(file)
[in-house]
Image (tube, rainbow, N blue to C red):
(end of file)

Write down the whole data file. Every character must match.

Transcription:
[in-house]
Image (tube, rainbow, N blue to C red):